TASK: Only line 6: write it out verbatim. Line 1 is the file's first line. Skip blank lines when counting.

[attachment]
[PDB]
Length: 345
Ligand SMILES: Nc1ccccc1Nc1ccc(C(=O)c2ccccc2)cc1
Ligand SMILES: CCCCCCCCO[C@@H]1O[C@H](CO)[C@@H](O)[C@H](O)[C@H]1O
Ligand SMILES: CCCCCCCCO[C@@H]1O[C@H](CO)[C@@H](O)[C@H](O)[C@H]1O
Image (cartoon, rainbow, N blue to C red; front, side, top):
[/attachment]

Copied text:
Image (cartoon, rainbow, N blue to C red; front, side, top):